The average parent was shocked when the U.S. Department of Agriculture announced the average cost of raising a child to the age of 18 is $240,000. To those of us who are raising a special needs child, however, that might sound like a bargain.
- Here are some of the birth to 18 expenses special needs families are looking at:
- Children with hearing loss can cost as much as $383,000 to raise.
- Kids with vision loss can cost $601,000 to raise
- Children with cerebral palsy may cost up to $921,000 to raise
- Kids with autism can cost $1.4 - $2.4 million to raise
In 2018 the average annual income for a family of four was $25,465. At that rate, I’d have to work approximately 47 years to raise my autistic son to the age of 18, and that’s only if I didn’t pay for anything else. A lot of families are in the same boat. Luckily, we have other options.
In this article, I’m going to explore some of those options with you so you can see if any apply to your family. When you’re looking at this many bills, anything helps.
File a Lawsuit
Filing a lawsuit is only an option if your child’s condition was caused by a medical mistake that could have been prevented, such as a brain injury that caused cerebral palsy (CP) or another debilitating condition.
According to Minnesota Cerebral Palsy Lawyer, there are many different causes for the development of CP. If you believe your baby or child’s CP or other condition was caused by negligence, an attorney can help explain your rights and connect you with medical experts.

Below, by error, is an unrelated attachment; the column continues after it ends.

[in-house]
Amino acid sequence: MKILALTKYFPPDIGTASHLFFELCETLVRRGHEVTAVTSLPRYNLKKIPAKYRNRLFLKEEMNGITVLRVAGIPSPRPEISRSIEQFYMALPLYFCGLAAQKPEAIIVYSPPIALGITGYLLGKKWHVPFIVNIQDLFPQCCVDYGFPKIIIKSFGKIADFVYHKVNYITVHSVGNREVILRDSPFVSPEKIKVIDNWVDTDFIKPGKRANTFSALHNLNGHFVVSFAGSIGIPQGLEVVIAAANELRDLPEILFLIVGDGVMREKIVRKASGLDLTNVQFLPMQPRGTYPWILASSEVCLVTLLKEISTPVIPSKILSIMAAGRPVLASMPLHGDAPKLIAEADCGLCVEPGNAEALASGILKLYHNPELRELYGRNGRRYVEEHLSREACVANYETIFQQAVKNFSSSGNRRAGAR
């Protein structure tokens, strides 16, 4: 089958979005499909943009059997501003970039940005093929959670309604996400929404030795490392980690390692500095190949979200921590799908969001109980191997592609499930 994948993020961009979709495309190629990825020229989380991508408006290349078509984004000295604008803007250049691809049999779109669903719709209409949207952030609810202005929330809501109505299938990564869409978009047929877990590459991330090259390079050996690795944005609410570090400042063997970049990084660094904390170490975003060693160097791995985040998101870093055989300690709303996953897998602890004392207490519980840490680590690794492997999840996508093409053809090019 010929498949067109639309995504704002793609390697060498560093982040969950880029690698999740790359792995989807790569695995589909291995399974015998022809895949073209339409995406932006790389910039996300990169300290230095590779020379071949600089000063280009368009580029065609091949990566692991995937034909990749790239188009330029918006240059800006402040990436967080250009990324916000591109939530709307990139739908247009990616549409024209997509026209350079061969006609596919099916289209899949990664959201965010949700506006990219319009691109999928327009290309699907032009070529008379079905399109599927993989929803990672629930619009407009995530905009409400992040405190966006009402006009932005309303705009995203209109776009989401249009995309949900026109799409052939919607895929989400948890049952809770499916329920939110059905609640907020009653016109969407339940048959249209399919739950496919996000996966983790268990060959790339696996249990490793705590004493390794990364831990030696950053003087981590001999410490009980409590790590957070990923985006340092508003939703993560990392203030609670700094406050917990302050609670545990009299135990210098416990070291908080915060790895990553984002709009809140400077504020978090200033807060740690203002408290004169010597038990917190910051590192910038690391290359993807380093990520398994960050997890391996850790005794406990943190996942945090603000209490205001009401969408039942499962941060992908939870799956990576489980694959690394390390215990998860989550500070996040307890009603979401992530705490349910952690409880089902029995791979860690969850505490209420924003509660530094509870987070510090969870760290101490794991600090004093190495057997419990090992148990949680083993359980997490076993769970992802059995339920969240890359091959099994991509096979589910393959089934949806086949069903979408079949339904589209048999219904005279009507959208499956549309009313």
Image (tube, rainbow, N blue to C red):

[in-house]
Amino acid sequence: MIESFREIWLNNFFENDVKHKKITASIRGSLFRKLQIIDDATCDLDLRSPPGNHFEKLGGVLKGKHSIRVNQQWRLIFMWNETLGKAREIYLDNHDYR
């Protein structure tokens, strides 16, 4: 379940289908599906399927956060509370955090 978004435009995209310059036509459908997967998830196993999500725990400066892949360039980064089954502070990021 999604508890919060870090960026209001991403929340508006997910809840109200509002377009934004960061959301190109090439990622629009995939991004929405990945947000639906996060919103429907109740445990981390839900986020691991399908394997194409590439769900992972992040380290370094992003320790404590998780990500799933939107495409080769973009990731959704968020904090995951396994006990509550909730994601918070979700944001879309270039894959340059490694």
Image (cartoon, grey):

No one wants to be involved in a lawsuit, especially not when you are focused on caring for your child. However, you also shouldn’t be left scrambling to cover the bills for someone else’s mistake. A settlement or award can make sure your child is able to access the help they need.
Apply for SSI Benefits
If your child is severely disabled and their condition was not the result of medical negligence, your best option may be to apply for Supplemental Social Income (SSI) benefits for your child. To be approved for these benefits, your child must have a qualifying condition. Your income will also have to qualify after the deeming process. The conditions that can make your child eligible include:
Those that result in physical or mental impairment, or both, that can be medically determined
Those that have resulted in a child being severely functionally limited
Those that are expected to last at least a year or result in the child’s death
To apply for SSI, you’ll need to fill out an application and another form that’s called a Child Disability Report. You can learn more about the documentation you’ll need to bring to your appointment on the Social Security Administration’s childhood SSI web page.
Apply to Be a Paid Family Caregiver
Most states have some form of assistance for family caregivers. These programs can be a real lifesaver if you’ve had to cut back on working or quit your job altogether to take care of your child. If you meet the program requirements in your state, you may be able to get paid by the hour to do what you’re doing all day anyway, which is the often backbreaking, grueling work involved in caring for a disabled individual.
Another kind of assistance family caregivers can take advantage of is respite care. You can find information about respite care programs on the government’s Child Welfare website. One of the best things about respite care is its flexibility. You may be able to get care in the event of a last-minute emergency, or you can plan ahead for dinner in a restaurant, a spa day, or even a weekend trip.
It’s worth taking the time to apply for any and all benefits that are available in your area. Receiving these benefits will help you, your child, and your whole family to enjoy your lives to the fullest.